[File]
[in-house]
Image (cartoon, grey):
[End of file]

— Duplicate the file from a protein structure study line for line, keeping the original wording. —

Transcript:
[in-house]
Image (cartoon, grey):